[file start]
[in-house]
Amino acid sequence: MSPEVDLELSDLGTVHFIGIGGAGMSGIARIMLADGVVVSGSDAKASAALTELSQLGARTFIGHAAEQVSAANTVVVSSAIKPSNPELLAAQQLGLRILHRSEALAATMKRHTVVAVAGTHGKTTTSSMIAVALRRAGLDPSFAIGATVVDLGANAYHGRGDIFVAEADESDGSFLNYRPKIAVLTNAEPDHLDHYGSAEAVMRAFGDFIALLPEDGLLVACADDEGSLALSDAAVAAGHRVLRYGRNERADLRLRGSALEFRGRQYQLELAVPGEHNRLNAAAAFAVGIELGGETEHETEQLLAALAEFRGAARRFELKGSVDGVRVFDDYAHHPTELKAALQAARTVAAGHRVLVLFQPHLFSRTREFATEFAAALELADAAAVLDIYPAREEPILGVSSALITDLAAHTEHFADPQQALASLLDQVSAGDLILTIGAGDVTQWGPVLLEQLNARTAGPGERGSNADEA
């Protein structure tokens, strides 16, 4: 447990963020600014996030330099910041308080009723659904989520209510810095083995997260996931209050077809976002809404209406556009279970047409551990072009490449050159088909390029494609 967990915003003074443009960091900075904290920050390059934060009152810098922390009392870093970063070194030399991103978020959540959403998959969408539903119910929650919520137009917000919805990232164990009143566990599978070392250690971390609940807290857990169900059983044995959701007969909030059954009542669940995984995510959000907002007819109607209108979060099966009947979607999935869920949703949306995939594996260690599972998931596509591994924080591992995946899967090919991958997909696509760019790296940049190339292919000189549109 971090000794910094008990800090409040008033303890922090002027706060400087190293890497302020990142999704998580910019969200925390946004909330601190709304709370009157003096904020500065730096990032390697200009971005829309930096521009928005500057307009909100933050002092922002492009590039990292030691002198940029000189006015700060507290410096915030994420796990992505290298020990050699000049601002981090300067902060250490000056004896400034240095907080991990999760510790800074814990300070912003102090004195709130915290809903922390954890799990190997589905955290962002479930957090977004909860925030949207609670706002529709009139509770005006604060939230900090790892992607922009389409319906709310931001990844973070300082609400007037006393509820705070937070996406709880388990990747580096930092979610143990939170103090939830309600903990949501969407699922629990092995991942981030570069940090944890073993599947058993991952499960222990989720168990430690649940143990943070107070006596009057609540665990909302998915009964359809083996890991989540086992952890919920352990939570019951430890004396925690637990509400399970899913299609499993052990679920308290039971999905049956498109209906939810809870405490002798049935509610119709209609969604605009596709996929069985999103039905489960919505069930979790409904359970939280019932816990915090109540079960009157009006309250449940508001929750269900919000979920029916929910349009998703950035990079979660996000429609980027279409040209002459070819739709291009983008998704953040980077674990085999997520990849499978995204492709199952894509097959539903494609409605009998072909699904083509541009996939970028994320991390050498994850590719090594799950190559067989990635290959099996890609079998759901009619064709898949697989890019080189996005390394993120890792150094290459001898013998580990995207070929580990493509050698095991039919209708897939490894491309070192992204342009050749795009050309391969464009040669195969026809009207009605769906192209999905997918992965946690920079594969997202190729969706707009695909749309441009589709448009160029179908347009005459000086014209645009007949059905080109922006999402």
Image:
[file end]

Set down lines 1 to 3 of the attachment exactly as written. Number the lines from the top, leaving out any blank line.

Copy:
[in-house]
Amino acid sequence: MSPEVDLELSDLGTVHFIGIGGAGMSGIARIMLADGVVVSGSDAKASAALTELSQLGARTFIGHAAEQVSAANTVVVSSAIKPSNPELLAAQQLGLRILHRSEALAATMKRHTVVAVAGTHGKTTTSSMIAVALRRAGLDPSFAIGATVVDLGANAYHGRGDIFVAEADESDGSFLNYRPKIAVLTNAEPDHLDHYGSAEAVMRAFGDFIALLPEDGLLVACADDEGSLALSDAAVAAGHRVLRYGRNERADLRLRGSALEFRGRQYQLELAVPGEHNRLNAAAAFAVGIELGGETEHETEQLLAALAEFRGAARRFELKGSVDGVRVFDDYAHHPTELKAALQAARTVAAGHRVLVLFQPHLFSRTREFATEFAAALELADAAAVLDIYPAREEPILGVSSALITDLAAHTEHFADPQQALASLLDQVSAGDLILTIGAGDVTQWGPVLLEQLNARTAGPGERGSNADEA
């Protein structure tokens, strides 16, 4: 447990963020600014996030330099910041308080009723659904989520209510810095083995997260996931209050077809976002809404209406556009279970047409551990072009490449050159088909390029494609 967990915003003074443009960091900075904290920050390059934060009152810098922390009392870093970063070194030399991103978020959540959403998959969408539903119910929650919520137009917000919805990232164990009143566990599978070392250690971390609940807290857990169900059983044995959701007969909030059954009542669940995984995510959000907002007819109607209108979060099966009947979607999935869920949703949306995939594996260690599972998931596509591994924080591992995946899967090919991958997909696509760019790296940049190339292919000189549109 971090000794910094008990800090409040008033303890922090002027706060400087190293890497302020990142999704998580910019969200925390946004909330601190709304709370009157003096904020500065730096990032390697200009971005829309930096521009928005500057307009909100933050002092922002492009590039990292030691002198940029000189006015700060507290410096915030994420796990992505290298020990050699000049601002981090300067902060250490000056004896400034240095907080991990999760510790800074814990300070912003102090004195709130915290809903922390954890799990190997589905955290962002479930957090977004909860925030949207609670706002529709009139509770005006604060939230900090790892992607922009389409319906709310931001990844973070300082609400007037006393509820705070937070996406709880388990990747580096930092979610143990939170103090939830309600903990949501969407699922629990092995991942981030570069940090944890073993599947058993991952499960222990989720168990430690649940143990943070107070006596009057609540665990909302998915009964359809083996890991989540086992952890919920352990939570019951430890004396925690637990509400399970899913299609499993052990679920308290039971999905049956498109209906939810809870405490002798049935509610119709209609969604605009596709996929069985999103039905489960919505069930979790409904359970939280019932816990915090109540079960009157009006309250449940508001929750269900919000979920029916929910349009998703950035990079979660996000429609980027279409040209002459070819739709291009983008998704953040980077674990085999997520990849499978995204492709199952894509097959539903494609409605009998072909699904083509541009996939970028994320991390050498994850590719090594799950190559067989990635290959099996890609079998759901009619064709898949697989890019080189996005390394993120890792150094290459001898013998580990995207070929580990493509050698095991039919209708897939490894491309070192992204342009050749795009050309391969464009040669195969026809009207009605769906192209999905997918992965946690920079594969997202190729969706707009695909749309441009589709448009160029179908347009005459000086014209645009007949059905080109922006999402």